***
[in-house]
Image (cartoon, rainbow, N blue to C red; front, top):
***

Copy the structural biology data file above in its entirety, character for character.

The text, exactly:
[in-house]
Image (cartoon, rainbow, N blue to C red; front, top):